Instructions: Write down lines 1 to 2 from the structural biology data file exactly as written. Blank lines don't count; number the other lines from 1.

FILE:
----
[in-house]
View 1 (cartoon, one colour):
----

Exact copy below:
[in-house]
View 1 (cartoon, one colour):